|Vogtle: the nuclear plant that wasn't there.|
While we're happy to see some of our member companies get credit for their efforts in these areas, we were puzzled when four utilities with significant nuclear generating assets - Entergy, Dominion Resources, SCANA and Southern Company - were listed near the bottom of the rankings. After all, these are companies with balanced portfolios that use zero-emission nuclear energy to help bolster both grid reliability as well as hedge against price volatility and potential supply disruptions.
Yesterday afternoon we put the question directly to Ceres on Twitter:
.@CeresNews Failure to credit utilities w/#nuclear assets for keeping air clean is deliberately misleading & disservice to public debate.This was their response:
— Nuclear Energy Inst. (@NEI) July 24, 2014
@NEI Thanks. We address this issue in the methodology section of the report, along with hydro — see pages 14-15 of the report.So I grabbed the report and turned to page 14. Here's what I found (emphasis mine):
— Ceres (@CeresNews) July 24, 2014
Utility-scale hydroelectric and nuclear power are important energy resources that contribute about a quarter of U.S. electricity generation; however, we do not include them in this report because nearly all of the country’s large hydro and nuclear generation was built prior to 1980, and neither resource is widely expected to constitute a large portion of the nation’s newly built carbon-free energy portfolio going forward.Let's consider these assertions one at a time. While I can't speak to the first assertion when it comes to large scale hydropower, when it comes to nuclear it's manifestly false. Currently, there are 99 nuclear reactors operating in the U.S. Forty-nine came into service in 1980 or later.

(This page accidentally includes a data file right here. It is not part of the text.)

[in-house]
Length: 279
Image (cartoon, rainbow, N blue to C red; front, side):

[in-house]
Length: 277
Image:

According to my calculations, that's more than 55,000 MWe of emission-free generation that Ceres refused to consider in its study. And that also fails to take into account the four AP-1000 reactors that SCE&G and Southern Company are currently building at the V.C. Summer site in South Carolina and Plant Vogtle in Georgia, as well as the 1,180 MWe reactor under construction at Watts Bar in Tennessee. And I guess I shouldn't forget that after a speech here in Washington earlier this week, Southern Company CEO Tom Fanning told reporters that he'd like to announce plans to build two more AP-1000 reactors somewhere in the Southeast before the end of the year.
As for the second, every credible analysis (EPA, EIA, OECD) concludes that carbon reductions are impossible without major nuclear expansion. So what we have here isn't just a difference over methodology, we have a study that makes a pair of assertions that are false on their face.
To finish up, I'll write it again: failing to credit utilities with nuclear assets for keeping air clean is deliberately misleading and a disservice to honest public debate. Please keep this in mind the next time CERES, or their partner in this study, CleanEdge. has anything to say about clean energy.